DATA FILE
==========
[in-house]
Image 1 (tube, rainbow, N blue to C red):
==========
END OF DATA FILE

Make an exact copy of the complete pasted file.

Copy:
[in-house]
Image 1 (tube, rainbow, N blue to C red):